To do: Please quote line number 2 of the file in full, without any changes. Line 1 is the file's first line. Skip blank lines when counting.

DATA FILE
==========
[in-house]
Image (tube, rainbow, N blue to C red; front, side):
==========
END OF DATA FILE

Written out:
Image (tube, rainbow, N blue to C red; front, side):